Because night is here but the barbarians have not come. And some people arrived from the borders, and said that there are no longer any barbarians.
And now what shall become of us without any barbarians? Those people were some kind of solution.
Constantine P. Cavafy (1904)
I may come back to Akhmatova, if I can find a further translation of her that I like. Good translations are not easy to find and I'm especially searching for a good translation of the full "Requium" poem. But for a while, I'm going to try "relevant poetry blogging" -- poetry w/ some relevance to the events, personal or political, of the past week. I think that this poem of Cavafy's ties in nicely with what wingnuts have had to say this week about America.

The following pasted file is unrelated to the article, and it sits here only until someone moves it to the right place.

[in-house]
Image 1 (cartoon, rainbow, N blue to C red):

I'm a woman, a Witch, a mother, a grandmother, an eco-feminist, a gardener, a reader, a writer, and a priestess of the Great Mother Earth. Hecate appears in the
Homeric Ode to Demeter, which tells of Hades who caught Persophone
"up reluctant on his golden car and bare her away lamenting. . . . But no one, either of the deathless gods or of mortal men, heard her voice, nor yet the olive-trees bearing rich fruit: only tenderhearted Hecate, bright-coiffed, the daughter of Persaeus, heard the girl from her cave . . . ."